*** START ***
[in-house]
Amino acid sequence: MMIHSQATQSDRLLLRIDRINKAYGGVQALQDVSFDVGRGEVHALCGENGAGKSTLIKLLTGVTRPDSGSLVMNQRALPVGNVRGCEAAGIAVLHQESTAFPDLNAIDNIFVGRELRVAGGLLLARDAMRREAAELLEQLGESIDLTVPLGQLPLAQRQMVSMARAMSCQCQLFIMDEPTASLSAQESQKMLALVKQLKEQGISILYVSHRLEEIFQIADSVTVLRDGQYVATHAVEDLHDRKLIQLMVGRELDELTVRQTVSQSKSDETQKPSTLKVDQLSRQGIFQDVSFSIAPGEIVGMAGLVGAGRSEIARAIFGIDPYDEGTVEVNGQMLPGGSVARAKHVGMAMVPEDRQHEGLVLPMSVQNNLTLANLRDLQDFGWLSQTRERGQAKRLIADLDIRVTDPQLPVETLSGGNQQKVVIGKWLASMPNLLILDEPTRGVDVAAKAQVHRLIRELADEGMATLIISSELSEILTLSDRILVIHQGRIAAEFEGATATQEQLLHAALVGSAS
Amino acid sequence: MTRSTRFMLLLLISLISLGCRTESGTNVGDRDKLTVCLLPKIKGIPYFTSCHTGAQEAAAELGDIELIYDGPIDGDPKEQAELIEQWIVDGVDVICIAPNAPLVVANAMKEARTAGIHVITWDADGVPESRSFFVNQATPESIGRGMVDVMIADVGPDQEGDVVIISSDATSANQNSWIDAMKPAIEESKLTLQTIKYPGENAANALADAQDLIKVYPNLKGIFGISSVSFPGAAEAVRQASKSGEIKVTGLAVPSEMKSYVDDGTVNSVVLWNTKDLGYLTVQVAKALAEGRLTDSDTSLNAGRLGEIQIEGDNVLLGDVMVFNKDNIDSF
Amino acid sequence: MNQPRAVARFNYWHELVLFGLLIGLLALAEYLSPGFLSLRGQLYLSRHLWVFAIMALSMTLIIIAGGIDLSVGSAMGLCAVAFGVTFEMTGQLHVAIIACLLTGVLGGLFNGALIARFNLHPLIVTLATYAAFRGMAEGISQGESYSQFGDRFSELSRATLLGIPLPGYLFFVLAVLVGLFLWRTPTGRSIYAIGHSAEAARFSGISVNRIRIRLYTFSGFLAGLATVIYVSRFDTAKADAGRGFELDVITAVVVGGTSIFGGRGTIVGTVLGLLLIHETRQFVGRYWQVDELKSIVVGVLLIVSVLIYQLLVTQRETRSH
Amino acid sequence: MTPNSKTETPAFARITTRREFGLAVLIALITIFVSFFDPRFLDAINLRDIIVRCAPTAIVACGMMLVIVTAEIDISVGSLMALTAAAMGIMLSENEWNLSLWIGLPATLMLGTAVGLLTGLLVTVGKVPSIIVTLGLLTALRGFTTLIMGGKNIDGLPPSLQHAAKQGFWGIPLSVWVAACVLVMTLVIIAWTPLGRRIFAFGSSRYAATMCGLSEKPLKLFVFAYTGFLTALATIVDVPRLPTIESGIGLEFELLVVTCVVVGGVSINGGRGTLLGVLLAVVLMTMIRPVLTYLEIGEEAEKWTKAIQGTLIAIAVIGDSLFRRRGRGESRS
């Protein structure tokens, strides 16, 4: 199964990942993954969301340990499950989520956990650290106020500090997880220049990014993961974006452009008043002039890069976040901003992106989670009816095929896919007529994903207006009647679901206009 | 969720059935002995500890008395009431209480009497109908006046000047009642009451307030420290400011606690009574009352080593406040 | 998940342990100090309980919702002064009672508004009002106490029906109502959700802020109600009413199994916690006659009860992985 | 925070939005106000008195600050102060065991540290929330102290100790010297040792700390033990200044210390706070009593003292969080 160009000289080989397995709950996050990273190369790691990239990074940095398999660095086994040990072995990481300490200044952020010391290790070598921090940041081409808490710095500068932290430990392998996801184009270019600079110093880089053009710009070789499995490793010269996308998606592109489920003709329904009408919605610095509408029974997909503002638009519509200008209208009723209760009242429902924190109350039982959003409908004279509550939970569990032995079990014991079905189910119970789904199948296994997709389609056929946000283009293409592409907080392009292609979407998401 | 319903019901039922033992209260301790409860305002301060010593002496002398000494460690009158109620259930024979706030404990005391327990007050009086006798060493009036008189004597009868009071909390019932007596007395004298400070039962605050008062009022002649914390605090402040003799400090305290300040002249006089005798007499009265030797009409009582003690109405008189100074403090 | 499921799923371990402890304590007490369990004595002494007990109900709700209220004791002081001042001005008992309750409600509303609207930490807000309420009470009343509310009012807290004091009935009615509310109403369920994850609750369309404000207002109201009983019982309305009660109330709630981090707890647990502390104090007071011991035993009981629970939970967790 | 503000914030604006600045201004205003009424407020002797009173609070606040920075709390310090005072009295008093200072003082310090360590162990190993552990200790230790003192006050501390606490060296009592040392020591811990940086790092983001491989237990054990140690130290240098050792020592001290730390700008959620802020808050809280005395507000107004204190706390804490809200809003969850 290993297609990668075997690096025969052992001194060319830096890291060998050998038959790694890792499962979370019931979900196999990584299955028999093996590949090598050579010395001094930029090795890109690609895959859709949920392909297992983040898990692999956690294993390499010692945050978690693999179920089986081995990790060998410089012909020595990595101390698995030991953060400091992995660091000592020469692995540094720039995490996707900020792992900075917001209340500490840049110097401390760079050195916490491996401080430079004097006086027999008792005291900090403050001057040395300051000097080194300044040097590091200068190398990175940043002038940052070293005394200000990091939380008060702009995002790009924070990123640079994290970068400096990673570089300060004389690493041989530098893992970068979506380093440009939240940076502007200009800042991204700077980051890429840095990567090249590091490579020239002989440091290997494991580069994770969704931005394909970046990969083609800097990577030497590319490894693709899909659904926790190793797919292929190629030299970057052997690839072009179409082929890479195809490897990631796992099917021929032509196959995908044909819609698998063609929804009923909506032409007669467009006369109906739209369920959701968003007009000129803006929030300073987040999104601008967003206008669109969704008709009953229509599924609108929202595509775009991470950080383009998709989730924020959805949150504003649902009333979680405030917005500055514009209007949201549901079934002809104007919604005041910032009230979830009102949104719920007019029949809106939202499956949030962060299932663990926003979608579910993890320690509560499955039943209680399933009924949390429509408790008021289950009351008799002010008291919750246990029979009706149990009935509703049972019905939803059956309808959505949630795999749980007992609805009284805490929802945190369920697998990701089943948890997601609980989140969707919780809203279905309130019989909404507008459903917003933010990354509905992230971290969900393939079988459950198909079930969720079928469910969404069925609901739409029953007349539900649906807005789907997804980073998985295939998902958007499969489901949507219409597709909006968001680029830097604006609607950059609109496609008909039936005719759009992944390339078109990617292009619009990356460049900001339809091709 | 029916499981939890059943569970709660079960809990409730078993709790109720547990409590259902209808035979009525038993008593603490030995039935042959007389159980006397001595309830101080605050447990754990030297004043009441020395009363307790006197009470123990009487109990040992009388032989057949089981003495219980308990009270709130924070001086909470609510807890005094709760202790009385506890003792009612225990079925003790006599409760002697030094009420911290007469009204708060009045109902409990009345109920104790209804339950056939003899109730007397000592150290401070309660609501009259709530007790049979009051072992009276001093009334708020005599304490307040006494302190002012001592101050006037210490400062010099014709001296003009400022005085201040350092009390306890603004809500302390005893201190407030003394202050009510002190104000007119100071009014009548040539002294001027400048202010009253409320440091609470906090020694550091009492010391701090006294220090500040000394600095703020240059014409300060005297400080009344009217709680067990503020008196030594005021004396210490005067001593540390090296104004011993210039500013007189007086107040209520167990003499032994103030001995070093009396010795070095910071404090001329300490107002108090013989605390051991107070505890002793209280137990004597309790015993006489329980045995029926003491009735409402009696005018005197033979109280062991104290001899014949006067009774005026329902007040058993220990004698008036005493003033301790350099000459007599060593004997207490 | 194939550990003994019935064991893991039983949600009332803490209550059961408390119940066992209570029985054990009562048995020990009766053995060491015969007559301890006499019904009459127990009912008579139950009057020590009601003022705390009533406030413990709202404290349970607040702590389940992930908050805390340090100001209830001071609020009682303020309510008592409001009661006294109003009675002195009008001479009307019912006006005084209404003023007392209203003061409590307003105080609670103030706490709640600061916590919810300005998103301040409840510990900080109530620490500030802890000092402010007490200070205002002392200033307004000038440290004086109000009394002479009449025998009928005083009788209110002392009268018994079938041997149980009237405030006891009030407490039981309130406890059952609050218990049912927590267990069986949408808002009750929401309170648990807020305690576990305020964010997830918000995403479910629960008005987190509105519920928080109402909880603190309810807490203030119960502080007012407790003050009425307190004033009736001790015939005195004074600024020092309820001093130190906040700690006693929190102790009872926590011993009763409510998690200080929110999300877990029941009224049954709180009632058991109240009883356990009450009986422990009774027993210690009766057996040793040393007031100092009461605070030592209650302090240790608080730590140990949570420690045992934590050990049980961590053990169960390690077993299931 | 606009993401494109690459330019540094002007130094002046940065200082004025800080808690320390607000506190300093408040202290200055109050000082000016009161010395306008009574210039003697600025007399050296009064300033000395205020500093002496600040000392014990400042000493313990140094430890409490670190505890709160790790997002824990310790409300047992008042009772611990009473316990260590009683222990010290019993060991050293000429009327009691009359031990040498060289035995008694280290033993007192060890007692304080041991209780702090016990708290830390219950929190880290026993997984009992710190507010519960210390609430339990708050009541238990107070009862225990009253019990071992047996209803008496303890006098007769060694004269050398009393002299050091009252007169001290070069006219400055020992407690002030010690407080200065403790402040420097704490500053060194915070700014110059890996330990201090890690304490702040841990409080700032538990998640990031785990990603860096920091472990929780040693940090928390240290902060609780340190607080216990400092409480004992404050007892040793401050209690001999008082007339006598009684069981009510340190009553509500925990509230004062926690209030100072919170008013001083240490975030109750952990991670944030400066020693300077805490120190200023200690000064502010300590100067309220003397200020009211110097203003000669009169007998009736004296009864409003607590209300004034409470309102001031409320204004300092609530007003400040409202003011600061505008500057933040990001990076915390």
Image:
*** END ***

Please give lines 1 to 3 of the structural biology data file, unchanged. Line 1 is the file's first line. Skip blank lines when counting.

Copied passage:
[in-house]
Amino acid sequence: MMIHSQATQSDRLLLRIDRINKAYGGVQALQDVSFDVGRGEVHALCGENGAGKSTLIKLLTGVTRPDSGSLVMNQRALPVGNVRGCEAAGIAVLHQESTAFPDLNAIDNIFVGRELRVAGGLLLARDAMRREAAELLEQLGESIDLTVPLGQLPLAQRQMVSMARAMSCQCQLFIMDEPTASLSAQESQKMLALVKQLKEQGISILYVSHRLEEIFQIADSVTVLRDGQYVATHAVEDLHDRKLIQLMVGRELDELTVRQTVSQSKSDETQKPSTLKVDQLSRQGIFQDVSFSIAPGEIVGMAGLVGAGRSEIARAIFGIDPYDEGTVEVNGQMLPGGSVARAKHVGMAMVPEDRQHEGLVLPMSVQNNLTLANLRDLQDFGWLSQTRERGQAKRLIADLDIRVTDPQLPVETLSGGNQQKVVIGKWLASMPNLLILDEPTRGVDVAAKAQVHRLIRELADEGMATLIISSELSEILTLSDRILVIHQGRIAAEFEGATATQEQLLHAALVGSAS
Amino acid sequence: MTRSTRFMLLLLISLISLGCRTESGTNVGDRDKLTVCLLPKIKGIPYFTSCHTGAQEAAAELGDIELIYDGPIDGDPKEQAELIEQWIVDGVDVICIAPNAPLVVANAMKEARTAGIHVITWDADGVPESRSFFVNQATPESIGRGMVDVMIADVGPDQEGDVVIISSDATSANQNSWIDAMKPAIEESKLTLQTIKYPGENAANALADAQDLIKVYPNLKGIFGISSVSFPGAAEAVRQASKSGEIKVTGLAVPSEMKSYVDDGTVNSVVLWNTKDLGYLTVQVAKALAEGRLTDSDTSLNAGRLGEIQIEGDNVLLGDVMVFNKDNIDSF